hours on the first of Jalnary, 1908.
14. II. A.
We make you the following club of
The Semi-Weekly State,
The Southern Agricuilturist,
Th e Southbern Poultry Journal,
The Southern Ruralist,
The Southern Fruit Grower,
The Herald and News.
The regular price for the six being
$6.00, we make you them for $3.75.
The Sunday State,
The Southern Poultry Journal,
The Southern Agriculturist,
The Southern Ruralist,
The Routheorn Frnit Grower,
The Heon andl News.
- .' ,,'.errwment one f
- i n '-er timust he subscrih.
tnd pnid for.
TEN-HOUR BILL IS'1MOD.j'
Bill Limiting the Hours 6f lAbor in
Ootton Mills to Sixty-twQ ours
After July 1, and to.'ii;y
Hours After Janoay 1,
News and Courier.
Columbia, Feb. 8.--Th house to
day passed the ten-hour bill as it
came from the senate withont making
any changes, although 'there were
numerous amendnents offered by
Mills Would be Willing.
The mills were willing for this bill
to pass if the measure provided for
it to go into effect for sixty-two
hours on January 1, 1908, and sixty
hiours oil ,anuary 1, 1909, and would
not reduce wages if this is done. If
the timtie is now reduced at once from
sixty-tour hoirs t) sixty hours the
operatives will surely stiffer.
The prev iSois question was called
on the motion to kill the bill. 'rthe
ives anid nays were called'and there
were only 11 votes against the bill.
M.1r. Frost moved t) aiend the bill
b. making the 62 hours provision go
into effect .January 1, 1908, and the
ito-hour provision go into effect. on
Janary 1, 1908. The yeas and nayes
uore c:Illed on the motion to table
Ilis amendient and the amendment
ivas t(ablod by the vote of 69 to 28.
Mr. lliniton mnovel to amend the hill
Iy aling a proviso that ntothing,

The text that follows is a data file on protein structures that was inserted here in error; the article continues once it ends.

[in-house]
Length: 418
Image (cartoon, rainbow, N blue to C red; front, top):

hereini should preventi any mill front
ma.kip lost tine ito tile extent of 60
ollurs per year, ani4d this being agree
able to the f'riends of the bill, was
wI red to by the Hlouse and inserted
in the bill.
'lhere were variotus other ametl
mlentiis proposinl- to make tle measure
less drastic whichN were voted down.
and the hill in its final shtape was
1:ssed to third reading. It has al
reIdy passed tile senate practically
n tllis frnin.
The hill., follows:
The Bill as Passed.
.\ hill t limit the hors of labt inl
pm aml woolen mills.
1[e it enacted hv the Gleneral .\s
emIv o the State of South Iar
Stevi4'1 1. That ten ihours a day. ,r
.- ir, a week. shall const itut
he hur,w vrorkin' for all opera
.ives anl tmployees in eottltt .1n1d
wen m:nti faet u rinu- i,tablishes
enm.gaed in tie mtanut'acturing of'
varn-. eloth. hosiery and othe r pro
ducts for merchandise. except
meehaniies, en pincers, firemen. watch
mlen. teamsters. yard temployces and
elerical force. All contract- for long
er hours of work other than herein
provided in said manufactuiring est
ablishment.-. shall be, and the same
are hereby, declared null and void,
and any person entering into 0 en
WHEN FERTILIZERS SHOULD BE
As a general rule, which has but few
exceptions, thte greater part of the fer
tilizer shou'd be appied to the soti be
fc.re plantin~g the crop it is intended to
I "nefit. Trh> rule is not only in accord